private investigator - alternative to the legal system

Private investigators provide an array of services that can be very helpful to you when facing a legal problem. Oftentimes, an attorney will solicit the services of a private investigator to help you with a wide variety of legal issues.

Private investigators work independently from attorneys to collect information. Although the two professionals work in different capacities, both are working for the benefit of their mutual client. The private investigator provides the attorney with evidence that can then be used to build the case.

The following are several scenarios in which a private investigator may be helpful:

Criminal defense cases - In a criminal defense case, a private investigator may be able to collect evidence that supports the client's innocence or suggests the guilt of someone other than the client.

Corporate crimes - Private investigators can collect evidence that proves patent or trademark infringement, fraud, computer crimes, theft, and other crimes in the business sector.

Insurance defense - When representing an insurance company, a private investigator's goal may be to prove that an individual is falsifying or exaggerating his or her injuries.

Analysis of evidence - In any court case, private investigators may be enlisted to analyze evidence presented by the other side. The private investigator uses a combination of methods for gathering evidence. These may include: research, interviews, surveillance, and/or analytical skills to provide the attorney with resources to represent the client more effectively.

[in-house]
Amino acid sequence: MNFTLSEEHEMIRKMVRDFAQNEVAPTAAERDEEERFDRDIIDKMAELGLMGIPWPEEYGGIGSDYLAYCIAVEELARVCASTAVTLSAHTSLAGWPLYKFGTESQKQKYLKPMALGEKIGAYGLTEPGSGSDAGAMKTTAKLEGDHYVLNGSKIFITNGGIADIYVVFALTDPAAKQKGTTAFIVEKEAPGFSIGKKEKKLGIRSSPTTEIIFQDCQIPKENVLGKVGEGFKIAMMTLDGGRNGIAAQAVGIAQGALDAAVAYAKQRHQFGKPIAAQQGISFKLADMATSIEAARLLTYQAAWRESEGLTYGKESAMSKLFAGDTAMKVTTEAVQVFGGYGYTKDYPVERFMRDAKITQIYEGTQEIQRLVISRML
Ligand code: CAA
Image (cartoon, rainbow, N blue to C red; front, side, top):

Locating someone - You may find it necessary to discover where a person lives for various reasons. One of which may be when trying to serve an individual in order to begin a legal action. You may not be able to determine on your own where the party that needs to be served lives. Proficient private investigators are good at locating individuals that are elusive--even homeless people or people in hiding.

Some private investigators also possess special skills, or backgrounds, relating to specific types of cases or issues, including: auto accidents, wrongful death, and homicide. For example, a private investigator who specializes in auto accidents may be able to recreate the scene of the accident in order to discredit the statements of a witness, claimant, or defendant, depending on the needs of the client.

If you are involved in a legal dispute or criminal case, hiring a private investigator can greatly increase your chances of success in court. If your attorney has suggested collaboration with a private investigator, or if you think hiring a private investigator would be beneficial, you should consult with an experienced private investigator.

Early in the case, the evidence and information collected by the private investigator may provide your attorney with enough evidence to convince the other side to settle out of court, drop the charges against you, or withdraw a claim, depending on the type of case. If the case does go to court, having a skilled investigator on your team will arm your attorney with the tools needed to represent you effectively and convince the judge and/or jury to decide in your favor.